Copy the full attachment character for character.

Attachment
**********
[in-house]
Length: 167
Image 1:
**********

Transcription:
[in-house]
Length: 167
Image 1: